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  11. The book with the green cover was "Rules for Wargaming" by Arthur Taylor which was also by Shire books. It had 8 different rule sets in it. I believe that Tunstill was also part of the London Wargame Section and their Napoleonic rules are similar to the ones in "Discovering Wargames". Although we all think of Peter Gilder's influence, John Tunstill was an important part of the wargaming scene in the late 60's. Not least because he produced Miniature Warfare magazine.

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    1. Stryker,

      From what I can remember the London Wargames Section (which included John Tunstill, Ken Smith, Ed Smith, and Bish Iwaszko) were quite prolific publishers of wargames rules at the time (including Greek Naval, Samurai, Napoleonic, ACW), and I certainly had a copy of their World War II rules. They were written by Bish Iwaszko and featured a logarithmic ground scale (e.g. 10yds = 10", 100yds = 20", 1000yds = 30") which allowed artillery to be used on the tabletop. He later went on to run Miltra, a military training aids company that produced detailed, metal recognition models for the British Army.

      You are right about John Tunstill's importance in British wargaming in the late 1960s, and his magazine was the first of what one could term the 'glossy' wargames publications.

      All the best,

      Bob

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  12. Nice work there. I remember Callan very fondly, my hero at the time!

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    1. Rodger,

      Cheers! Callan was a great series; rather low-key and a wonderful contrast with the other spy/secret agent films and TV series of that era.

      All the best,

      Bob

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  13. Yes, thanks it must have been Taylor ... I have been crediting the wrong person for introducing me to 'real' wargaming. My Green book had an army roster in the middle of the book and I think the example was for ACW units. All good stuff.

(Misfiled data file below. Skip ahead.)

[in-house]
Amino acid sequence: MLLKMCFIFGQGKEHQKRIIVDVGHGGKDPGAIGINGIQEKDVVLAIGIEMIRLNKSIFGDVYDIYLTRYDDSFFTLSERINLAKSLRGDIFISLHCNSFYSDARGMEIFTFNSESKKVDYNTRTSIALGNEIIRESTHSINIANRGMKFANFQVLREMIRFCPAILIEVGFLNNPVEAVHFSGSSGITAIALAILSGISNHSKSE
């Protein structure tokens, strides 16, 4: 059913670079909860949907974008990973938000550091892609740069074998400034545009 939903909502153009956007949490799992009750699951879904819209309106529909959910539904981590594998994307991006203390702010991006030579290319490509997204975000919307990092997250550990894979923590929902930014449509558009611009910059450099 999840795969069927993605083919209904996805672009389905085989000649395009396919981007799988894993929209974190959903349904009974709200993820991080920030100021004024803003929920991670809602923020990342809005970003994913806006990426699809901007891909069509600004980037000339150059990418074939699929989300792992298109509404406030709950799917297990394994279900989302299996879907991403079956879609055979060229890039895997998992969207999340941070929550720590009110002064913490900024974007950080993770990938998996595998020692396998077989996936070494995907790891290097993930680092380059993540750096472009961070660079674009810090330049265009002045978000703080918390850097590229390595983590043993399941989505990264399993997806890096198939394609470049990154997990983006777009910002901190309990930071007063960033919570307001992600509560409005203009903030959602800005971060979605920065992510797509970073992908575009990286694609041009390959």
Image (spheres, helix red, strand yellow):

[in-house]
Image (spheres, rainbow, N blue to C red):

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    1. Norm,

      I must admit that I did find it a bit odd that one publisher would publish two books about wargaming at about the same time ... but John Tunstill's was in their 'Discovering ...' series whereas Arthur Taylor's book wasn't.

      All the best,

      Bob

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  14. Excellent detective work Bob. However, I lay the blame solely at your feet (and not my nature) that I ended up watching all of series 3 of Callan, part of series 4 and the 1974 movie on YouTube yesterday whilst painting figures :)

    I do remember watching some episodes (must have been repeats) and the film when I was younger. Callan was a great antihero.

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    1. TamsinP,

      I am more than happy to accept the blame ... just as long as you enjoyed the episodes that you watched.

      If you get a chance, try to watch the pilot episode, which was entitled 'A magnum for Schneider'. This story was later adapted to become the film.

      All the best,

      Bob

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    2. I've only found the 3rd and 4th series (and the '74 film) on YouTube so far. I'll have to see if they have the pilot and first two series as well.

      And I have been enjoying watching them, so thank you for inspiring me to do so :)

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    3. TamsinP,

      Good luck with your search for the earlier episodes. I'm sure that you will enjoy watching them if you can find them.

      All the best,

      Bob